Abortion-Rights Advocates Protest Strict Alabama Law
Rockville rally was one of 400 planned across the nation
Rachel Singer, left, and Renee Deboard-Lucas
More than 170 people rallied in front of the Montgomery County Council office building in Rockville Tuesday evening, protesting a new Alabama law significantly restricting abortion.
“You would think by now we would not be having the same conversation we’ve been having for years,” said Laurie-Ann Sayles, a member of the Gaithersburg City Council at Tuesday’s rally.
The “Alabama Human Life Protection Act” bans abortions in all cases except where the life of the mother would be endangered. No exceptions are provided for rape or incest.
Abortion rights groups have decried the Alabama law as an attack on the Supreme Court’s 46-year-old Roe v. Wade decision, which protects a woman’s right to choose, and worry that President Donald Trump’s recent appointments of justices Neil Gorsuch and Brett Kavanaugh will work to overturn the law.
Rockville’s rally was one of 400 solidarity protests across the country being organized in opposition to the recent state abortion bans, and was sponsored by groups that included NARAL Pro-Choice, Planned Parenthood and National Organization for Women. Eight rallies took place in Maryland.
Passing cars honked their horns as people held signs with messages such as “my eggs are not government property” and “it’s time to talk about the elephant in the womb.”
Diane Philip, the executive director of NARAL Pro-Choice Maryland, said 16 bills were filed in this year’s legislative session in Annapolis that would have restricted abortion, and all were ultimately defeated.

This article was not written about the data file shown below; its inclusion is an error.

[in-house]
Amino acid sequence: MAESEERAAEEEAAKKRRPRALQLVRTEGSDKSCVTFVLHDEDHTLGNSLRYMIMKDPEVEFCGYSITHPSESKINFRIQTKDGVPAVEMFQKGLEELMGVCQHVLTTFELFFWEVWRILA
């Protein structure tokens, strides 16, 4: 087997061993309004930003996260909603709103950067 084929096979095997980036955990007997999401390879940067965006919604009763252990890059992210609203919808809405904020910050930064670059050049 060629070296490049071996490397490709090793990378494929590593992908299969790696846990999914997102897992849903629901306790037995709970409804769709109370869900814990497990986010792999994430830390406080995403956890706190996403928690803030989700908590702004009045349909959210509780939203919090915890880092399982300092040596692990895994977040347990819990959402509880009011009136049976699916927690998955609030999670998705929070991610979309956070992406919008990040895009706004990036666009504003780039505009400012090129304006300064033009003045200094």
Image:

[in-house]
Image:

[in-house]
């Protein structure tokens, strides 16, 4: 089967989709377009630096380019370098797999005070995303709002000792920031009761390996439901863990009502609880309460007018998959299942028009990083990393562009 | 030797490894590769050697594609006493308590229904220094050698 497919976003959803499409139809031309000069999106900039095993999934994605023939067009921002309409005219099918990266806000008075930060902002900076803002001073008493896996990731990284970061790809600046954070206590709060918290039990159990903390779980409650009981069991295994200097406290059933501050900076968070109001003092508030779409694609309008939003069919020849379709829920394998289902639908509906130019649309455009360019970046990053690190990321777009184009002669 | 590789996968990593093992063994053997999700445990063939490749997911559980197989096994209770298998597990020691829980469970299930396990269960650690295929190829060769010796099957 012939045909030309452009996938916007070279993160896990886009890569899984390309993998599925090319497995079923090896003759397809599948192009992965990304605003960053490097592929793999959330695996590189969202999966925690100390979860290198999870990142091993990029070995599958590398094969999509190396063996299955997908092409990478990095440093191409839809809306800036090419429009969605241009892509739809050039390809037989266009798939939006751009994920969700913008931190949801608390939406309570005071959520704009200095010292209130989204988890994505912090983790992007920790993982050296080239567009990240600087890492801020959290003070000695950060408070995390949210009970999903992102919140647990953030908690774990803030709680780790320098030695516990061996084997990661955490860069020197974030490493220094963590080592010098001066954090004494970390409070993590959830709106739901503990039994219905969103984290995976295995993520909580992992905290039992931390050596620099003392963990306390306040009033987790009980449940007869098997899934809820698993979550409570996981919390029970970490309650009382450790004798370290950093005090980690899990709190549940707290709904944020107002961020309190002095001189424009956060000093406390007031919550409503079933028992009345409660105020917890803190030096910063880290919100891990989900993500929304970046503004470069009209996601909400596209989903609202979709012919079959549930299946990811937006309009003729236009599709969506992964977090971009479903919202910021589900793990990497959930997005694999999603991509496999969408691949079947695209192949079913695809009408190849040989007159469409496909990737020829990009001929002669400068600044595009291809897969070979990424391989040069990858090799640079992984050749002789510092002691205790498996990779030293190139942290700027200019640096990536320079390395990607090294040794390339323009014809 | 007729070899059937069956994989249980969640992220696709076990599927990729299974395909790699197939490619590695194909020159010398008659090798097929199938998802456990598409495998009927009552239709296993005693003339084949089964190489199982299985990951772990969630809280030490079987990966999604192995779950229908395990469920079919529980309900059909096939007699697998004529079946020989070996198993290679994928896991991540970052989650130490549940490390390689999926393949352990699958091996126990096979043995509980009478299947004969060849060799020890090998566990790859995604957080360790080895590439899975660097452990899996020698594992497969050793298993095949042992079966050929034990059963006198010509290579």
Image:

According to Karyn Strickler, a former director of NARAL Pro Choice Maryland, Maryland voters codified abortion rights as granted by Roe v. Wade by referendum in 1992.
“Even if the right to choose safe and legal abortion is outlawed by the U.S. Supreme Court, Maryland women will still have that right to choose, by state law. Instead of the Alabama-type laws, states should be emulating the Maryland law, protecting women,” she wrote in an email.
Although Tuesday’s rally was not directed at Maryland legislators, those who attended said their support
is vital to shoring up national opposition to legislators in conservative states, as well as Congress, who are committed to rolling back abortion rights.
“Just because abortion is safe and legal in Maryland, we still care about people’s rights in other places. So I feel like it’s our duty to advocate for people in other places who maybe don’t have the same leverage,” said Renee Deboard-Lucas, a volunteer with Planned Parenthood.
Rockville Mayor Bridget Donnell Newton and Council member Beryl Feinberg were also among those at the rally. Feinberg said she remembers the era prior to Roe v. Wade, and said women can’t take abortion rights for granted.
“I think this could be a galvanizing issue for the 2020 election, because now it’s now it’s not the right for women to make choices, it’s taking away that right that has been earned in the Supreme Court,” Feinberg said.
Keanan Mcgonigle, a fellow with the 20,000-member American Medical Student Association’s national office in the District, said he attended because reproductive rights are one of the key priorities of his organization.
“I actually went to medical school in Louisiana, so I can tell you that our chapters there are very riled up about this, and they work very close with partner organizations who are at the statehouse all the time. As future healthcare providers, people listen to us and trust what we say,” he said.
Dan Schere can be reached at Daniel.email@example.com